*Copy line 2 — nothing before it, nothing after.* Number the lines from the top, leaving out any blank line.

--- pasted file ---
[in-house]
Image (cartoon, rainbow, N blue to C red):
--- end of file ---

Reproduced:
Image (cartoon, rainbow, N blue to C red):